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Sony
, commonly stylized as SONY, is a Japanese multinational conglomerate corporation headquartered in Minato, Tokyo, Japan. As a major technology company, it operates as one of the world's largest manufacturers of consumer and professional electronic products, the largest video game console company and the largest video game publisher. Through Sony Entertainment Inc, it is one of the largest music companies (largest music publisher and second largest record label) and the third largest film studio, making it one of the most comprehensive media companies. It is the largest technology and media conglomerate in Japan. It is also recognized as the most cash-rich Japanese company, with net cash reserves of ¥2 trillion. Sony, with its 55 percent market share in the image sensor market, is the largest manufacturer of image sensors, the second largest camera manufacturer, and is among the semiconductor sales leaders. It is the world's largest player in the premium TV market fo ...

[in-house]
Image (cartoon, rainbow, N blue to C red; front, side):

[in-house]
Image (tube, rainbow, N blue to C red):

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Sony WM-DD33,WM-DDIII,WM-D6C (24091871467)
, commonly stylized as SONY, is a Japanese multinational conglomerate corporation headquartered in Minato, Tokyo, Japan. As a major technology company, it operates as one of the world's largest manufacturers of consumer and professional electronic products, the largest video game console company and the largest video game publisher. Through Sony Entertainment Inc, it is one of the largest music companies (largest music publisher and second largest record label) and the third largest film studio, making it one of the most comprehensive media companies. It is the largest technology and media conglomerate in Japan. It is also recognized as the most cash-rich Japanese company, with net cash reserves of ¥2 trillion. Sony, with its 55 percent market share in the image sensor market, is the largest manufacturer of image sensors, the second largest camera manufacturer, and is among the semiconductor sales leaders. It is the world's largest player in the premium TV market for ...